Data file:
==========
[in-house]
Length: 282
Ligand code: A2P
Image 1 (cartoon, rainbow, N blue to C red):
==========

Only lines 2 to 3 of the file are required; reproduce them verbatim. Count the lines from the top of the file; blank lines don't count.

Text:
Length: 282
Ligand code: A2P